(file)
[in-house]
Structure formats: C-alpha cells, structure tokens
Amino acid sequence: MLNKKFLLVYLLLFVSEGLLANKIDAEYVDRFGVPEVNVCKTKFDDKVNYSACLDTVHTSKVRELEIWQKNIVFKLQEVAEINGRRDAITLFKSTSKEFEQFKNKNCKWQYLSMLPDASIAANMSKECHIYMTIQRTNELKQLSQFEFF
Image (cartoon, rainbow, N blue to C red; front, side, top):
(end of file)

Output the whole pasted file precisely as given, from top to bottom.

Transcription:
[in-house]
Structure formats: C-alpha cells, structure tokens
Amino acid sequence: MLNKKFLLVYLLLFVSEGLLANKIDAEYVDRFGVPEVNVCKTKFDDKVNYSACLDTVHTSKVRELEIWQKNIVFKLQEVAEINGRRDAITLFKSTSKEFEQFKNKNCKWQYLSMLPDASIAANMSKECHIYMTIQRTNELKQLSQFEFF
Image (cartoon, rainbow, N blue to C red; front, side, top):